La Fille Renne used a little known technique that resulted in awe inspiring photos
La Fille Renne is prolific and her work showcases her fearlessness as a photographer. She uses a variety of progressive film techniques to achieve her unique and spectacular results. Here she describes the technique used for these images:
"I used a particular technique, developed by the Japanese photographer Hodachrome, the EBS technique : both sides of the film are exposed. Plus, I use Lomochrome 35mm film to achieve those colors."
La Fille Renne is on instagram at @lafillerenne
ALTER/ANALOG: These images are incredible. Can you explain how you expose both sides of the film?
LFR: Thank you ! I use a technique called "EBS" (exposing both sides of the film), very used by the Japanese photographer Hodachrome (Hodaka Yamamoto). You have to mark the beginning of the film, shoot the entire roll, then rewind. In a darkroom you have to flip the film, begin the film with the help of the mark (because you don't want to have shifted photographs), and shoot again. If you use a 400 ISO, the "wrong" side has to be shoot like a 100 ISO. To achieve more dreamy results, I use films with strange colors, like the Lomochrome Purple & Turquoise films from Lomography
ALTER/ANALOG: You are quite a well known photographer. Congratulations! You are always creating new work. What new projects are you working on that we can look forward to?
LFR: Thank you again. I don't have many time to shoot this year (and I'm very sad about that), but after all I'm working on new projects : a new book ("Life on film, vol. 3"), two collective art shows in Paris this month, a series of movies shot on 35mm film with friends Laure Giappiconi and Elisa Monteil, and I created a printed magazine with friend Rapahela Icguane, called Polysème, about feminism, art and film photography (http://instagram.com/polysememag).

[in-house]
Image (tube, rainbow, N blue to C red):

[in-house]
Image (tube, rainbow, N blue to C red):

ALTER/ANALOG: Is there a theme that you explore throughout your work?
LFR: I like to explore many themes : people, the human body, the human intimacy, feelings, emotions, dreams, feminism, ... I love working with humans, and I always try to capture a secret part of what people are, and what make them unique. Especially with women. I'm very tired of these very sexualized female nudes, taken by men with always the same poses, that all seem to come out of the same fantasy of an heterosexual man. I try to show something else, other poses, a more intimate atmosphere and photos that can show other facets of the body, with a more feminist vision. I also like to take pictures of landscapes during my travelsALTER/ANALOG: Can you tell us about osteology?LFR: At the university I studied a lot the mammals osteology and the relationship between humans and other species in past times. It's not my job anymore, but I teach sciences, so, I keep a link with that. I used to build real skeletons (birds, foxes, cats, ...) when I had the time.